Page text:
Family Structure Is one Aspect of a Society
In Camara Laye The Dark Child, and some parts of Ryszard Kapuscinski The Shadow of the Sun, it is apparent that the family structure is one aspect of a society that is highly valued, monitored, and deeply respected in many parts of Africa. In both books, families are often depicted as being close knit and strenuous collective workers building towards the betterment of their family and society. As a result, individuals belonging to these families whether its the mother, husband, son or daughter all have certain roles and duties they must uphold; some which are very different from our modern society and others which are similar in practice. However, despite the fact that these kin based families are often patrilineal and a majority of the decisions are carried out by the male, it is indubitable that the mothers of these societies possess an unexplainable enigma. They possess an essence that at times gives them more power than their male counterpart evident in Layes The Dark Child where the bond with his mother is much more sentimental and richer. Despite their lack of “traditional power” women in these societies maintain a unique form of power. A power that is at times unexplainable but revered and acknowledged by everyone in their society.
While in our modern society, male and women share relative equality in the work field and running of the household the same cannot be said about the kinship based villages in some parts of Africa. It is clear that working towards the betterment of society differs not only among genders but also age in these societies. Despite it becoming more common in contemporary day to see reversals of typical gender duties (where the father is expected to be the breadwinner and the mother caregiver) this concept in some parts of Africa would highly be looked down upon considering most villages were patriarchal. Kapuscinski states that in his trip to the village of Abdallah Wallow which lies between Mauritania and Senegal that “it is the girls who rise first in the village of Abdallah Wallo and go for water even before the sun is up”(p.211). Task such as these are expected to be carried out by the women and young girls while the males provide food and means of sustenance.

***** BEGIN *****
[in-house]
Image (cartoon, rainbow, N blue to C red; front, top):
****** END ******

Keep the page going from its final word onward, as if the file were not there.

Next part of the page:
Kapuscinski also visits Kumasi inThe Shadow of the Sun and describes the structure of the clan of which the male is placed at the top of the social hierarchy. “At the head of a clan stands a chief”. “He is chosen by a clan assembly, which is led by a council of elders”(p.31). It is clear that among the people of Kumasi that the leader of the clan are always male and are also chose from a group of council members consisting of males. Nevertheless the female is not to be left out for it is believed man is composed of two parts and receives his stronger side from the mother. Kapuscinski explains that the dichotomy of man in the Kumasi culture is divided by blood from the mother which is inherited